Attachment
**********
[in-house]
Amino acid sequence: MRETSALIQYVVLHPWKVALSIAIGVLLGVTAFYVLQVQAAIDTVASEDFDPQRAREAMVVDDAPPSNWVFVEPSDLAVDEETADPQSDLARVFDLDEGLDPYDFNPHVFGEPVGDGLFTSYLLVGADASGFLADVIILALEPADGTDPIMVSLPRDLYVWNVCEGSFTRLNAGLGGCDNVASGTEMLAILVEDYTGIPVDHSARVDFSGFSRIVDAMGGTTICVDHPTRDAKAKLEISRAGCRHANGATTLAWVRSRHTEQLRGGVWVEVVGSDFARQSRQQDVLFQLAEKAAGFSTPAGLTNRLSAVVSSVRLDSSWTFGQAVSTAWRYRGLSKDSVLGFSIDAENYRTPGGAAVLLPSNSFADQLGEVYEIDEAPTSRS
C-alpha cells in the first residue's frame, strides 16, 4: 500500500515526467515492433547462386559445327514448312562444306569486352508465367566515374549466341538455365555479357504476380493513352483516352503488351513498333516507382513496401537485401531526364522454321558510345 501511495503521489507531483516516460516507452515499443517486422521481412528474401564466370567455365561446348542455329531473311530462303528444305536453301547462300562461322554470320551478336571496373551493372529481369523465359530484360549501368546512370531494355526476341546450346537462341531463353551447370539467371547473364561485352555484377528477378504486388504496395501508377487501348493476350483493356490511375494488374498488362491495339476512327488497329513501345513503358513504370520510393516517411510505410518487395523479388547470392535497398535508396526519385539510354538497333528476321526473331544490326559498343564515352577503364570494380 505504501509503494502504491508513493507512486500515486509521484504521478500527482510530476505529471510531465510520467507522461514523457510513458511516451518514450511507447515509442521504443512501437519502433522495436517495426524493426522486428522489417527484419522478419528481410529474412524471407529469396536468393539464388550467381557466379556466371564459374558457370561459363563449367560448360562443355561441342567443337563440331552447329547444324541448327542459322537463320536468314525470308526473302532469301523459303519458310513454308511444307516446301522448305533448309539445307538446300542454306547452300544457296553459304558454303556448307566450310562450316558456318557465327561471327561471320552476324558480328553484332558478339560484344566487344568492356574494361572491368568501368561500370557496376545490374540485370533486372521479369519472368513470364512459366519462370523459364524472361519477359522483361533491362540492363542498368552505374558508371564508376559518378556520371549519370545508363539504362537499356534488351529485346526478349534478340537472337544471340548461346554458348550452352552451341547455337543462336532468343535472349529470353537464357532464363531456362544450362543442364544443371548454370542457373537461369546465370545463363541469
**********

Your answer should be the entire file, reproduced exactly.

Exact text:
[in-house]
Amino acid sequence: MRETSALIQYVVLHPWKVALSIAIGVLLGVTAFYVLQVQAAIDTVASEDFDPQRAREAMVVDDAPPSNWVFVEPSDLAVDEETADPQSDLARVFDLDEGLDPYDFNPHVFGEPVGDGLFTSYLLVGADASGFLADVIILALEPADGTDPIMVSLPRDLYVWNVCEGSFTRLNAGLGGCDNVASGTEMLAILVEDYTGIPVDHSARVDFSGFSRIVDAMGGTTICVDHPTRDAKAKLEISRAGCRHANGATTLAWVRSRHTEQLRGGVWVEVVGSDFARQSRQQDVLFQLAEKAAGFSTPAGLTNRLSAVVSSVRLDSSWTFGQAVSTAWRYRGLSKDSVLGFSIDAENYRTPGGAAVLLPSNSFADQLGEVYEIDEAPTSRS
C-alpha cells in the first residue's frame, strides 16, 4: 500500500515526467515492433547462386559445327514448312562444306569486352508465367566515374549466341538455365555479357504476380493513352483516352503488351513498333516507382513496401537485401531526364522454321558510345 501511495503521489507531483516516460516507452515499443517486422521481412528474401564466370567455365561446348542455329531473311530462303528444305536453301547462300562461322554470320551478336571496373551493372529481369523465359530484360549501368546512370531494355526476341546450346537462341531463353551447370539467371547473364561485352555484377528477378504486388504496395501508377487501348493476350483493356490511375494488374498488362491495339476512327488497329513501345513503358513504370520510393516517411510505410518487395523479388547470392535497398535508396526519385539510354538497333528476321526473331544490326559498343564515352577503364570494380 505504501509503494502504491508513493507512486500515486509521484504521478500527482510530476505529471510531465510520467507522461514523457510513458511516451518514450511507447515509442521504443512501437519502433522495436517495426524493426522486428522489417527484419522478419528481410529474412524471407529469396536468393539464388550467381557466379556466371564459374558457370561459363563449367560448360562443355561441342567443337563440331552447329547444324541448327542459322537463320536468314525470308526473302532469301523459303519458310513454308511444307516446301522448305533448309539445307538446300542454306547452300544457296553459304558454303556448307566450310562450316558456318557465327561471327561471320552476324558480328553484332558478339560484344566487344568492356574494361572491368568501368561500370557496376545490374540485370533486372521479369519472368513470364512459366519462370523459364524472361519477359522483361533491362540492363542498368552505374558508371564508376559518378556520371549519370545508363539504362537499356534488351529485346526478349534478340537472337544471340548461346554458348550452352552451341547455337543462336532468343535472349529470353537464357532464363531456362544450362543442364544443371548454370542457373537461369546465370545463363541469